"Wow," he said, suddenly the authority on these matters. "This is... a wonderful chocobo!"
"Could someone explain...?" asked the Author, sounding rather beleaguered.
"You're not seriously eating chocobo eggs, are you?" added Perigee. "Those things are huge!"
Croft nodded towards Barret, who was frying four eggs in a pan the size of a dustbin lid. The yolks were nigh on a foot across.
"They taste wonderful, though!" he remarked. "Only thing is, one of them didn't want to be fried, because it jumped out of the pan when we tried to put it in."
"Well, at least that's dinner sorted, then," Mr. Big commented, somewhat annoyed at having his position of cute mascot usurped. "I'm sure I can whip up some kind of marinade..."
"We're not going to eat her!" Kasuto shouted. "She's coming with us!"
"Yo, how come it's a she alluva sudden?" Barret enquired.
"Well, duh! Look how cute she is! No guy could be that cute!"
Mr. Big cleared his throat pointedly, and immediately regretted it.
"Oh, I'm sorry!" Kasuto cried, sounding truly apologetic. "You're really cute too, you know!"
The rabbit's eyes darted back and forth as she approached, doing his best to find an escape route. When none impressed themselves immediately on his senses, he went for the simplest option. He leaped.
Leaving a trail of faint blue sparks behind him and bearing an expression that was halfway between, "What the hell am I doing?" and, "Goodbye, cruel world," he soared gracefully over to Barret's frying pan and landed neatly in it. His feet touched the metal, and for a brief moment he seemed to freeze before rocketing skywards on a four foot jet of blue flame. A column of dense black smoke and a steadily fading cry of, "Yaaaaaaaaah..." marked his ascent.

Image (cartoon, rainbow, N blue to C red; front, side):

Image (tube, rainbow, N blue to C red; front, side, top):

"Well," said Perigee flatly, "I think we've just discovered one of his techs."
"So which way're we headed?" Cid enquired as the Highwind rose slowly above the recently formed Southern Crater. "I'm guessin' we want to get to this City place as soon as possible, right?"
"Well, it's on the Northern Continent," Cloud remarked caustically. "Which way do you think we're going?"
"South," said Perigee.
This precipitated a brief pause.
"South...?" Cloud repeated, not quite following.
"Yeah." Perigee looked around him. "Anyone got a map?"
One of Cid's subordinates, whose badge proclaimed him to be, 'Vyse Esprit, Lvl 6 Pilot,' stuck a hand in the air. "There's one over here."
He brought it over and laid it flat on the nearest horizontal surface, which happened to be the control panel for the air conditioning. Perigee pointed to it.